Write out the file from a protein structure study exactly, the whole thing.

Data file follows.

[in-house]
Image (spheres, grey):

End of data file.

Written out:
[in-house]
Image (spheres, grey):